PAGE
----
Kill Bill: Vol. 2
2004, R, 127 min. Directed by Quentin Tarantino. Starring Uma Thurman, David Carradine, Michael Madsen, Daryl Hannah, Gordon Liu, Michael Parks, Bo Svenson, Jeannie Epper, Perla Honey-Jardine.
REVIEWED By Marjorie Baumgarten, Fri., April 16, 2004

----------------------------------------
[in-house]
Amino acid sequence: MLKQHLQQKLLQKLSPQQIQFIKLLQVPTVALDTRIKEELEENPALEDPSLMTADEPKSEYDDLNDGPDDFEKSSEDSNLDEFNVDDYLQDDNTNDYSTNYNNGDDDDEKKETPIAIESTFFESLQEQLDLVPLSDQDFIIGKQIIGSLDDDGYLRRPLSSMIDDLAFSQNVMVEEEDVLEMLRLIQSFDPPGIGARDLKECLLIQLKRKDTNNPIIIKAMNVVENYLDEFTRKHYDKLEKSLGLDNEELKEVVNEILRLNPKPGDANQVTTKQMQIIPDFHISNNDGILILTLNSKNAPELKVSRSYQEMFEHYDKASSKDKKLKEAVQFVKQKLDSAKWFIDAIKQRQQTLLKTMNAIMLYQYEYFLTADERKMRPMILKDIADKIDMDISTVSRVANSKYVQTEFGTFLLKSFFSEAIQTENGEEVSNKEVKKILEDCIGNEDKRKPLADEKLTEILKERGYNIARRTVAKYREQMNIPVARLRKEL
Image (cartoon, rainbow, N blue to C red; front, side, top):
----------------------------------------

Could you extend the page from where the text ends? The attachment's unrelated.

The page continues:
Q&U: Quentin and Uma. They’re back, and this time they’re really going to kill Bill. The second volume of the revenge saga comes six months after the release of the first, but this baby’s no preemie. In fact, overdue is more like it. The film is a fitting finale to a tale whose climactic action was never in question (this is, after all, titled Kill Bill). The pleasure derives not so much from what happens, but how. And how! Kill Bill: Vol. 2 bursts with energy and excitement and, as with any Tarantino project, movie love and homages swell the edges of every frame. If you haven’t seen Vol. 1, this second volume will work fine on its own. However, it still remains for this reviewer to see how the saga plays when both volumes are combined and presented in one viewing. What’s clear from discrete viewings of each volume is that they differ greatly in tone. Where Vol. 1 most obviously referenced blaxploitation and yakuza films, Vol. 2 owes more debts to Westerns and chopsocky pictures. Vol. 2 also includes more psychological detail as we get to know more about all the characters introduced (and sometimes barely glimpsed) in the first part. Bill (Carradine) finally gets his screen time: He’s there in Vol. 2’s opening sequences as the movie backtracks in time to witness what occurs at the Bride’s (Thurman) wedding in El Paso – before the massacre we witnessed in Vol. 1. We also get to see more of those other DIVA assassins, Budd (Madsen) and Elle (Hannah). The Pussywagon is gone, the Bride now drives a convertible coupe (in black-and-white sequences that make her look like she’s heading to some film noir locale). And while we learn things like the Bride’s real name and how Elle lost her eye, what is revealed are not really deep psychological secrets. The characters in this volume simply talk more than before. Whereas Vol. 1 was at times almost wordless and curiously stingy with Tarantino’s distinctive touch with dialogue, in Vol. 2, there’s almost too much dialogue at times. Perhaps its because precious little is ultimately revealed about these characters despite the little shards they toss us. Basically, we learn that the Bride – with pregnancy urine stick in hand – gives up her life as an assassin the second she learns of her pregnancy. In some quarters, that may pass for psychological insight, but in most feminist quarters that amounts to hooey. For all the attention given to this indomitable female warrior created by Tarantino and Thurman, their Bride is as subject to biology as any woman in a D.W. Griffith picture. Her womb hasn’t completely replaced her spine, but the Bride’s actions take on a more hormonally driven bent. Nevertheless, Kill Bill: Vol. 2 is a blast to watch. Madsen as Budd lends the proceedings some real demented edge, Elle is a stunner and her catfight with the Bride within the cramped confines of a trailer is full of ingenious delights, Carradine simmers with untapped emotions, and Gordon Liu is back in this volume playing yet another character – Master Pei Mei, the martial-arts mentor who possesses the secret of the mysterious "five-point exploding palm technique" of assassination. Kill Bill: Vol. 2 is a compendium of really neat stuff and nifty sequences, and it will just have to do until Vol. 3 or reunification come along.